Delivering high-end computing systems and services to NASA's aeronautics, exploration, science, and space technology missions.
REQUESTING COMPUTING TIME AT NASA
If you are a NASA-sponsored scientist or engineer, computing time is available to you at the High-End Computing (HEC) Program's NASA Advanced Supercomputing (NAS) Facility and NASA Center for Climate Simulation (NCCS).
- 11.30.22 - Spandan Das: Self-Taught Machine Learning Intern, NCCS User, College Student, and Published Author
- In two NASA summer internships, Carnegie Mellon University computer science major Spandan Das has harnessed NASA Center for Climate Simulation (NCCS) compute power to build, train, and test machine learning models to help NASA develop new ways to detect Earth's precipitation.
- 11.25.22 - 2022 Road Trip: NASA Ames Takes Off
- In this interview with HPCwire contributing editor Dan Olds, NAS Division Chief Piyush Mehrotra talks all things supercomputing — from global ocean simulations to modular facilities, cloud applications, and new high-end computing system architectures at NASA’s Ames Research Center.
- 11.22.22 - 5 Ways Supercomputing is Key to NASA Mission Success
- Whether developing new technologies for landing on other planets, improving air travel here at home, or more realistically simulating global weather and climate, supercomputing is key to the success of NASA missions. These advances and more were on display in the agency’s hybrid exhibit during SC22, the International Conference for High Performance Computing, Networking, Storage and Analysis.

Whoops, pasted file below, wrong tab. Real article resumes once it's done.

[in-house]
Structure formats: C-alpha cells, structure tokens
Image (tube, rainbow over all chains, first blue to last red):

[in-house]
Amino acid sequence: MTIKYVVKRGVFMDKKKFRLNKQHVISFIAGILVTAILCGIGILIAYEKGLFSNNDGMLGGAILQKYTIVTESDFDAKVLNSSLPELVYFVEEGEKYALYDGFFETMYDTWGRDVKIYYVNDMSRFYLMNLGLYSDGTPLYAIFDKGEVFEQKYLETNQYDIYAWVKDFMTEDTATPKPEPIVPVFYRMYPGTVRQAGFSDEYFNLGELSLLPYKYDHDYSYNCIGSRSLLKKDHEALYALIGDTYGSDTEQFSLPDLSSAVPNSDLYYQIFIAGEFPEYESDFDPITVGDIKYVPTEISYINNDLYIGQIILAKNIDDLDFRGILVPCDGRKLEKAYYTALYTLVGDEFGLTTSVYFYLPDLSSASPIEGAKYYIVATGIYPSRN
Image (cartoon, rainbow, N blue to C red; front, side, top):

- 11.17.22 - Secrets of Sunspots and Solar Magnetic Fields Investigated in NASA Supercomputing Simulations
- A computational analysis of data about the Sun’s structure and dynamics from two NASA spacecraft, the Solar and Heliospheric Observatory and the Solar Dynamics Observatory, is helping researchers better understand the current sunspot cycle.
- 11.17.22 - NASA Study: Massive Volcanism May Have Altered Ancient Venus' Climate
- Volcanic activity lasting hundreds to thousands of centuries and erupting massive amounts of material may have helped transform Venus from a temperate and wet world to the acidic hothouse it is today, a NASA paper suggests. NCCS resources supported the research.
- 11.15.22 - NASA Goddard Scientists Create Black Hole Jets with NCCS Discover Supercomputer
- Leveraging the NCCS, NASA Goddard Space Flight Center scientists ran 100 simulations exploring jets — narrow beams of energetic particles — that emerge at nearly light speed from supermassive black holes.
NASA Advanced Supercomputing (NAS) Facility
NASA Ames Research Center, Moffett Field, CA
NASA Center for Climate Simulation (NCCS)
NASA Goddard Space Flight Center, Greenbelt, MD
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